Getting hooked on body suspension

For some, suspending from the ceiling by hooks in the skin feels like therapy.

Kirsten Janusewski suspends by hooks in her skin at Skynthesis Body Suspension's studio in Easton, Pennsylvania. (Paige Pfleger/WHYY)

Kirsten Janusewski is lying on her back on a massage table, inside a windowless warehouse in Easton, Pennsylvania. She’s wearing a bra and bike shorts, and she has dots of black marker all over her body — on her collarbones, her ribs, her thighs, her kneecaps, and her shins.

Five people are standing around her with rubber gloves and surgical face masks on. Each one of them is holding a large, sharp metal hook, about the size of a coat hanger.

“Everybody good?” asks Jeremy Smart, a bald, heavily tattooed guy, looking at the rest of his team.

Everyone says a muffled, “Set,” from under their masks, and they pinch up Janusewski’s skin, lining the hooks up with the dots of marker.

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Janusewski breathes in deeply, and, as she exhales, they drive the hooks through her skin. This is why she came here — to hang from the ceiling by her skin, essentially.

It’s called body suspension.

“People run because it’s an adrenalin rush; it releases those good feelings,” she says. “Suspension does the same kind of thing. It’s all those same kind of natural drugs that happen with it.”

Sometimes Janusewski suspends as a celebration of something good going on in her life. But, this time around, she is suspending because things have been hard for her lately.

“Suspension definitely helps start that movement, more of a positive mental kind of attitude. It helps clear all those negative emotions that I have going on.”

She compares it to going to therapy — which would make Jeremy Smart her therapist.

Jeremy Smart strings rope through the rig that hangs from the ceiling. (Paige Pfleger/WHYY)

Smart came across body suspension years ago during a difficult time in his life — he’s a veteran, and was struggling with post traumatic stress. So, he decided to try it out.

He still remembers the first time, when the hooks went in, and they started lifting him up.

“When my feet left the floor, it was like a nuclear bomb went off inside me, and everything just pushed out at the speed of light. I was blown away by it, and in a matter of minutes my eyes were wider than they had ever been before. I felt completely rejuvenated and completely new and like a totally different human being.”

He was … well, hooked. A few years ago, he founded Skynthesis Body Suspension.

These days, he and his team meet at the warehouse and facilitate suspensions for people for all sorts of reasons: Smart says sometimes it’s the loss of a family member, the end of a relationship, or the birth of a child. One time he even suspended his own mother.

“Nothing feels as good as being able to provide individuals with the means to challenge themselves and overcome a lot of fears. All that negativity that’s balled up and sits on your shoulders, just letting the weight loose, and you defy gravity for a minute, and it’s like nothing matters.”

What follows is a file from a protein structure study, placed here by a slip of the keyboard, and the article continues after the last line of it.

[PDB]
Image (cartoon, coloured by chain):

There hasn’t been any research done on what benefits body suspension actually might have.

“I tried to peruse the medical literature if there was any comment, and there wasn’t really much that I could find,” says Jules Lipoff, a dermatologist at the University of Pennsylvania’s Perelman School of Medicine. “So I wouldn’t want to overstate the risks. I wouldn’t want to say you definitely can’t ever do this, but, medically, I can’t really recommend it.”

His main worry about suspension is the hook penetrating the skin.

“There certainly is primarily a risk of infection. Even in the most sterile environments, like when we do surgeries or cut things out of the skin, still sometimes there are infections and risks.”

The warehouse where Kirsten Janusewski is about to be suspended is certainly not an operating room, but each member of the team takes special care to keep things as sterile as possible.

Kirsten Janusewski smokes while the hooks hang from her skin. (Paige Pfleger/WHYY)
Kirsten Janusewski smokes while the hooks hang from her skin. (Paige Pfleger/WHYY)

Janusewski is taking a quick smoke break before her suspension. The hooks are dangling from her skin, and the cigarette shakes in her fingers.

She climbs back onto the table and assumes the position for her suspension: leaning back, one leg bent and the other straightened.

Smart carefully loops a rope through the hooks, criss-crossing back and forth, forming a web between Janusewski and the rig hanging from the ceiling above her.

The room is tense as the rig is raised slowly, pulling the hooks and stretching Kirsten’s skin.

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Her body leaves the table, and, suddenly, she’s floating in the air.

Smart steps away, admiring her like a piece of artwork he has just created. She beams, letting her body relax.

She hangs there for about 15 minutes. Jeremy gently swings her the way a parent would a child on a swing set.

She asks to come back down, and, the moment her body hits the table, she begins to cry.

Jeremy kneels next to the table and holds her hands and encourages her to let it all go.

“Thank you guys very much,” she says as the team puts Band-Aids over the hook wounds. “Thank you for making me cry, too. I needed it.”

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